The cocoa industry has been highly fragmented in its approach to moving Africa’s smallholder farmers to sustainable production. A new industry-wide initiative hopes to change that

In March some of the biggest names in the cocoa sector met in London to sign the Cocoa and Forests Initiative, an agreement designed to end deforestation in the industry’s global supply chain by 2018. Brokered by the Prince of Wales’s International Sustainability Unit, the likes of Nestle, Cargill and Mars have now committed to working with public, private and civil society partners to develop a common vision.

The statement talks of empowering smallholder farmers and their families, improving productivity and helping to finance sustainable development, but will this familiar language usher in a new roadmap for the industry?

Tropical and topical

A plant of the forest, cocoa thrives in hot, rainy, tropical conditions and is grown in a narrow belt either side of the Equator, stretching from Mexico in the west across to Papua New Guinea in the east.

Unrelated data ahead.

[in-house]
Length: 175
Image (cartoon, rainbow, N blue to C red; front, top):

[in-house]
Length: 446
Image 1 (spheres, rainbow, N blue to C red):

In recent years, with our love of chocolate showing no sign of abating, demand for cocoa has soared. According to the World Cocoa Foundation, Africa is now responsible for nearly three-quarters of all cocoa production, with over 60% coming from just two countries, Cote d’Ivoire and Ghana.

Deforestation from cocoa, at around 3.8 million hectares a year, is much smaller than from the big...

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Cocoa and Forests Initiative  Mondelez  Rainforest Alliance  smallholder farmers  Nestlé  Cargill  Mars  World Cocoa Foundation  Ghana  Cote D'Ivoire 

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